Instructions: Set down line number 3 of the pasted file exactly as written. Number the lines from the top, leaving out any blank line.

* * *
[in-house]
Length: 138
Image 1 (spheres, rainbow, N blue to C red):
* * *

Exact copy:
Image 1 (spheres, rainbow, N blue to C red):